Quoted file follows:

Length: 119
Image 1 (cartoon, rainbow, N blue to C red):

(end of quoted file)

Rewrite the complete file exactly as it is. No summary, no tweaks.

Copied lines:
Length: 119
Image 1 (cartoon, rainbow, N blue to C red):